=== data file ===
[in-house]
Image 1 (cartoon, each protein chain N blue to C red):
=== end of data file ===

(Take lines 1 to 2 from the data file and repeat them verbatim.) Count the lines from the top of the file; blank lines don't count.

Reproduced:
[in-house]
Image 1 (cartoon, each protein chain N blue to C red):